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We determined how pasture and grazing management practices affected the number of days hay was fed to cattle by season. Data were collected from a survey of Tennessee cattle producers. Days of cattle on hay varied across seasons because of variations in forage production and weather. The number of days hay was fed to cattle varied with pasture-animal management practices such as rotating pastures, forage mixtures, and weed management strategies. Having mixtures of cool- and warm-season grasses reduced the number of days on hay in the winter, spring, and summer months indicating benefits from diversified forages.
The Rana Plaza disaster of April 2013 was the most prominent of several incidents that have highlighted poor standards of business behaviour in the supply chains of well-known brands. Analysis of these incidents has attributed these poor standards to an institutional structure in which lead firms with strategic power outsource production into global value chains and pursue business models that involve rapid product upgrading and require low costs and fast turnarounds in production such as the garment industry's ‘fast fashion’ business model. This paper aims to complement that analysis by showing how trade marks, as the main legal anchors of brands, have reinforced the strategic power of lead firms, enabled them to outsource production and encouraged them to adopt business models of this kind. The paper will also evaluate the claim that brands mitigate their harmful effects by transmitting countervailing pressure back onto their owners because they provide salient targets for bad publicity and blame, as coverage of the Rana Plaza disaster showed, which can threaten their owners with reputational damage. It will be argued that this countervailing pressure has a limited effect and cannot be relied on without more to address the issues that the Rana Plaza disaster revealed.
We estimate the values of bull phenotypic traits, performance measurements, and expected progeny differences (EPDs) over time using bull sale data from an auction in Tennessee from 2006 to 2016. Moreover, we determine how a state partial-cost reimbursement program for bulls with certain EPDs affects bull sale price. Purebred seed stock producers in this region should focus on selling large, fast-growing, mature bulls that produce lighter calves for reduced calving stress. The state cost-share payment did not significantly increase bull prices in most years, meaning this payment was retained by cow-calf producers in most years.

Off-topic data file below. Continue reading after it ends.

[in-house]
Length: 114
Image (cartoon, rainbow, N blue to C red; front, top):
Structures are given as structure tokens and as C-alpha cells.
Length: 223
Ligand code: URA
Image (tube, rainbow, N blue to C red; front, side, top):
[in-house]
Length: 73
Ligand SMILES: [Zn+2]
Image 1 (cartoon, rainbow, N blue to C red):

The aim of this study is to identify the types of community paramedicine programs and the training for each.
A systematic review of MEDLINE, Embase, grey literature, and bibliographies followed a search strategy using common community paramedicine terms. All studies published in English up to January 22, 2018, were captured. Screening and extraction were completed in duplicate by two independent reviewers. The Mixed Methods Appraisal Tool (MMAT) was used to assess studies’ methodological quality (full methodology on PROSPERO: CRD42017051774).
From 3,004 papers, there were 64 papers identified (58 unique community paramedicine programs). Of the papers with an appraisable study design (40.6%), the median MMAT score was 3 of 4 criteria met, suggesting moderate quality. Programs most often served frequent 911 callers (48.3%) and individuals at risk for emergency department admission, readmission, or hospitalization (41.4%); and 70.7% of programs were preventive home visits. Common services provided were home assessment (29.5%), medication management (39.7%), and referral and/or transport to community services (37.9%); and 77.6% of programs involved interprofessional collaboration. Community paramedicine training was described by 57% of programs and expanded upon traditional paramedicine training and emphasized technical skills. Study heterogeneity prevented meta-analysis.
Community paramedicine programs and training were diverse and allowed community paramedics to address a spectrum of population health and social needs. Training was poorly described. Enabling more programs to assess and report on program and training outcomes would support community paramedicine growth and the development of formalized training or education frameworks.
In his Eulogy of Florence (Laudatio Florentinae Urbis) Leonardo Bruni praised her constitution for giving first place to justice, “without which no city can exist or deserve the name.” Moreover, he said, “Not only citizens, but aliens as well are protected by this commonwealth. It suffers injury to be done to no man, and endeavors to see to it that everyone, citizen or alien, shall receive the justice that is owing to him.” During Brum's own tenure as chancellor of Florence, however, we hear of a Jewish banker who was ruined by the heaviest fine in the history of the city after a trial that one modern scholar has described as a monstrous miscarriage of justice.
Tennessee cattle producer willingness to participate in a hypothetical Tennessee Branded Beef Program (TBBP) was examined using 2016 survey data. Willingness to participate in the TBBP was modeled using a probit model. Among those willing to participate, a Tobit model was used to estimate the pounds of live-weight beef producers were willing to supply into a TBBP. Age, production practices, and risk attitudes influenced willingness to participate. Among those willing to participate, projected TBBP supply per farm averaged 32,329 pounds and was influenced by on-farm animal units, production practices, perceived barriers, risk attitudes, and consequentiality beliefs.
Little is known about potential harmful effects as a consequence of self-guided internet-based cognitive behaviour therapy (iCBT), such as symptom deterioration rates. Thus, safety concerns remain and hamper the implementation of self-guided iCBT into clinical practice. We aimed to conduct an individual participant data (IPD) meta-analysis to determine the prevalence of clinically significant deterioration (symptom worsening) in adults with depressive symptoms who received self-guided iCBT compared with control conditions. Several socio-demographic, clinical and study-level variables were tested as potential moderators of deterioration.